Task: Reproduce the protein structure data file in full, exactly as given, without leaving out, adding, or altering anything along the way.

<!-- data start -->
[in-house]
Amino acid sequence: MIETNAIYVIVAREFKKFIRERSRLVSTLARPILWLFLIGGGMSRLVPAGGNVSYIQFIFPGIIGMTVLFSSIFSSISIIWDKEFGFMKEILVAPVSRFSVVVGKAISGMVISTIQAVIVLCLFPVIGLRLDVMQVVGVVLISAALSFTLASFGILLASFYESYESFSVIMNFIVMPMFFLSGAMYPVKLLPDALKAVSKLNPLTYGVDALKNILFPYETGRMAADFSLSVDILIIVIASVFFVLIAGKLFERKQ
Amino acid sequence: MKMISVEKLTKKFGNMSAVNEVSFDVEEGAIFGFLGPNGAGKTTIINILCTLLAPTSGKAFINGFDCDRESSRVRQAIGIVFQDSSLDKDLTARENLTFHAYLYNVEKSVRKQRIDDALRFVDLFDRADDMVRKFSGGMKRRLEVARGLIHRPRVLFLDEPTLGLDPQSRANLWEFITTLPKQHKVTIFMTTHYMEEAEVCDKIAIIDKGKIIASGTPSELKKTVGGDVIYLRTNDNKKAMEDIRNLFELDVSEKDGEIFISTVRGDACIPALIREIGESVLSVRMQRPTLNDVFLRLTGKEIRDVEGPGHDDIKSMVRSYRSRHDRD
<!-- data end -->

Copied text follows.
[in-house]
Amino acid sequence: MIETNAIYVIVAREFKKFIRERSRLVSTLARPILWLFLIGGGMSRLVPAGGNVSYIQFIFPGIIGMTVLFSSIFSSISIIWDKEFGFMKEILVAPVSRFSVVVGKAISGMVISTIQAVIVLCLFPVIGLRLDVMQVVGVVLISAALSFTLASFGILLASFYESYESFSVIMNFIVMPMFFLSGAMYPVKLLPDALKAVSKLNPLTYGVDALKNILFPYETGRMAADFSLSVDILIIVIASVFFVLIAGKLFERKQ
Amino acid sequence: MKMISVEKLTKKFGNMSAVNEVSFDVEEGAIFGFLGPNGAGKTTIINILCTLLAPTSGKAFINGFDCDRESSRVRQAIGIVFQDSSLDKDLTARENLTFHAYLYNVEKSVRKQRIDDALRFVDLFDRADDMVRKFSGGMKRRLEVARGLIHRPRVLFLDEPTLGLDPQSRANLWEFITTLPKQHKVTIFMTTHYMEEAEVCDKIAIIDKGKIIASGTPSELKKTVGGDVIYLRTNDNKKAMEDIRNLFELDVSEKDGEIFISTVRGDACIPALIREIGESVLSVRMQRPTLNDVFLRLTGKEIRDVEGPGHDDIKSMVRSYRSRHDRD